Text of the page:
The Class of 2005

Eleven new members of the New Jersey General Assembly will take their seats today: Democrat Nelson Albano, an advocate for tougher drunk driving laws, who defeated Republican Assemblyman Jack Gibson in the first district. Republican Jennifer Beck, a Red Bank Councilwoman, who unseated Democratic Assemblyman Robert Morgan in the 12th district. Democrat Charles Epps, the Jersey City Superintendent of Schools, who defeated Anthony Chiappone in the 31st district Democratic primary. Democrat Thomas Giblin, a former Democratic State Chairman, succeeds Peter Eagler, who did not run for re-election in District 34. Republican Amy Handlin, a Monmouth County Freeholder, who defeated Joseph Azzolina in the Republican primary in District 13. Democrat Valerie Vainieri Huttle, a Bergen County Freeholder, replaces Democrat Loretta Weinberg, now a State Senator, in the 37th district. Republican Marcia Karrow, a Hunterdon County Freeholder, takes the seat of Connie Myers, a Republican Assemblywoman who did not seek re-election in the 23rd district. Democrat Pamela Rosen Lampitt, a Cherry Hill Councilwoman, succeeds sixth district Assemblywoman Mary Previte, a Democrat who did not run again. Democrat Paul Moriarty, the Mayor of Washington Township and a former Philadelphia TV consumer affairs reporter, takes the fourth district seat of Democrat Robert Smith, who did not seek re-election. Democrat Gary Schaer, the Passaic City Council President, replaces 36th district Assemblyman Paul DiGaetano, who sought the Republican nomination for Governor. Democrat James Whelan, a former Mayor of Atlantic City, who defeated Republican Assemblyman Kirk Conover in the second district. A twelfth freshman, Democrat Oadline Truitt, will take the oath of office after the results of her Special Election Convention are certified. Truitt, a longtime Democratic leader in Newark’s South Ward, will take the 28th district seat of Democrat Evelyn Wiliams, who resigned after just a month in office after a series of scandals. Williams had won a November 2005 special election convention to replace the late Donald Tucker.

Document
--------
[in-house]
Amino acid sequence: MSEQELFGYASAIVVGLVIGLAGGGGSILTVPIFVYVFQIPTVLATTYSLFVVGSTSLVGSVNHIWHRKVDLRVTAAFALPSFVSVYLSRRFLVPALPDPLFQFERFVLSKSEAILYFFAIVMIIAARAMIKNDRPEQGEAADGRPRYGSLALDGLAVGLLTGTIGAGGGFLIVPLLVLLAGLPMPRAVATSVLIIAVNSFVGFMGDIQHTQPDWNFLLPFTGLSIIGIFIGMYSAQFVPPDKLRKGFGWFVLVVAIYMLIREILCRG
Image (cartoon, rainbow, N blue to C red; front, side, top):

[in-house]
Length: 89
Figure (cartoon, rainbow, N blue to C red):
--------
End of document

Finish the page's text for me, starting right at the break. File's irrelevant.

The Class of 2005